If local search is part of your marketing (assuming you have physical locations for your company), you would want to ensure that your listing for Google My Business is complete, rich in information, and regularly updated. Why? Google My Business optimization factors significantly into local search interactions, first and foremost. Engagement and engagement on a Google My Business listing are important Google ranking cues. The more your listing is complete and configured, the more likely your company will feature in local searches.

Content Quality Will Remain King

In 2021, certain things will undoubtedly go by the wayside, but “content is king” is not one of them. Marketers like tossing around this catchphrase, but what does it mean? First and foremost, it is a reminder that “EAT” (Experience, Authority, and Trustworthiness) still matters, particularly for companies that come under the category of “your money, your life” (YMYL).

Since COVID-19 struck, this has become even handier. Search trends show that coronavirus has been an immense subject of concern since the pandemic and ensuing lockdowns. And you don’t want to be the organization struggling to satisfy this demand when customers need accurate responses, alerts, and information about something as important and possibly urgent as Covid-19 (and missing out on valuable search traffic as a result)

This is the type of strategy you should take on your website. It’s time to consider the information that individuals are searching for and need first. Now is the time to create a comprehensive content marketing plan for 2021, as the focus on premium content continues to rise.

Video Will Continue Flooding the SERP

These days, if you search Google for almost anything, the first thing you’ll usually find on the SERP is a video carousel. Back in 2018, Google added camera carousels to SERPs. The video has only achieved popularity since then. Knowing that YouTube, the second biggest search engine globally, is also owned by Google, it all makes a lot of sense.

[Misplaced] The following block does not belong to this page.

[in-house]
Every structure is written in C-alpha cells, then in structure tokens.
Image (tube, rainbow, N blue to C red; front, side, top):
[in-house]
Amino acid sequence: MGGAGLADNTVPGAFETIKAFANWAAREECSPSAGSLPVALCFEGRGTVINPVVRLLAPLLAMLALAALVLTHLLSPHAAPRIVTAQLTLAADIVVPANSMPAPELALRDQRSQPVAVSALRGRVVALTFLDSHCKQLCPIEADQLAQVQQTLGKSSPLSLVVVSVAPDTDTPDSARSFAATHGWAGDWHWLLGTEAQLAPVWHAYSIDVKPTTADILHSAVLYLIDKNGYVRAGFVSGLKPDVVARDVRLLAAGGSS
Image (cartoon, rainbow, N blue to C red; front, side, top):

Most people would rather watch a short video than read a lengthy article. It’s quick, mobile-friendly, and lends well to multi-tasking. And the Google algorithm is evolving accordingly.

This offers another facet of SEO that digital marketers need to work on in 2021. This change in inclination to videos, both for individuals and search algorithms, means that it is time to:

  • start preparing and generating even more video content
  • optimize your videos to increase exposure, likes, and traffic

Zero-click Search Results Will Continue to Evolve

Do you see a trend? Search algorithm improvements, video ads, and SEO tactics are all based on what the end-user needs. For so-called ‘zero-click’ search results, the same is true. A zero-click search result offers all the details a user needs to answer their question or query, as the name implies—no need to waste any more time clicking through a page.

For instance, search “coronavirus” on Google and look at the SERP. You’ll find a glossary with information on symptoms, statistics, and testing on the left side. You will get the most current local and national news. And for your location, you can get a localized map of outbreak severity and case volume. Google is committed to offering a one-stop-shop with trustworthy information on critical and serious topics.

Getting the Most Out of Your SEO Efforts

It’s all about the users and their experiences at the center of virtually all of the 2021 SEO trends we’ve set out. Therefore, to boost your SEO strategy’s outcomes in 2021, your understanding and response to these SEO trends are crucial.


hello all, im marcella, 27 years old from Mexico, i work and continue my studies in web designer and web development, wish all the best to the website and it's nice to be with you here.